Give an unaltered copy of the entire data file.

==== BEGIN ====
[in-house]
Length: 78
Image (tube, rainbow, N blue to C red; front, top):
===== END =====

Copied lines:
[in-house]
Length: 78
Image (tube, rainbow, N blue to C red; front, top):